Neuronal transmission of subthreshold periodic stimuli via symbolic spike patterns
Rights accessOpen Access
ProjectSISTEMAS DINAMICOS COMPLEJOS Y HERRAMIENTAS AVANZADAS DE ANALISIS DE DATOS (AEI-PGC2018-099443-B-I00)
We study how sensory neurons detect and transmit a weak external stimulus. We use the FitzHugh–Nagumo model to simulate the neuronal activity. We consider a sub-threshold stimulus, i.e., the stimulus is below the threshold needed for triggering action potentials (spikes). However, in the presence of noise the neuron that perceives the stimulus fires a sequence of action potentials (a spike train) that carries the stimulus’ information. To yield light on how the stimulus’ information can be encoded and transmitted, we consider the simplest case of two coupled neurons, such that one neuron (referred to as neuron 1) perceives a subthreshold periodic signal but the second neuron (neuron 2) does not perceive the signal. We show that, for appropriate coupling and noise strengths, both neurons fire spike trains that have symbolic patterns (defined by the temporal structure of the inter-spike intervals), whose frequencies of occurrence depend on the signal’s amplitude and period, and are similar for both neurons. In this way, the signal information encoded in the spike train of neuron 1 propagates to the spike train of neuron 2. Our results suggest that sensory neurons can exploit the presence of neural noise to fire spike trains where the information of a subthreshold stimulus is encoded in over expressed and/or in less expressed symbolic patterns.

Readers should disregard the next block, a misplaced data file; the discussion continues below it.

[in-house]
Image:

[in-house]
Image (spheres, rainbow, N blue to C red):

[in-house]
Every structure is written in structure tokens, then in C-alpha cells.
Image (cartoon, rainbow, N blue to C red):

CitationMasoliver, M.; Masoller, C. Neuronal transmission of subthreshold periodic stimuli via symbolic spike patterns. "Entropy: international and interdisciplinary journal of entropy and information studies", 5 Maig 2020, vol. 22, núm. 5, p. 524:1-524:12.